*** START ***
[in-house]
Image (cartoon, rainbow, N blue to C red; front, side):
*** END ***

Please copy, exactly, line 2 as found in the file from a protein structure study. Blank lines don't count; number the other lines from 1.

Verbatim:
Image (cartoon, rainbow, N blue to C red; front, side):